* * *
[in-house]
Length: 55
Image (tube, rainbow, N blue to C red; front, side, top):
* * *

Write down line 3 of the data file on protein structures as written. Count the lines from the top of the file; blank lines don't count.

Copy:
Image (tube, rainbow, N blue to C red; front, side, top):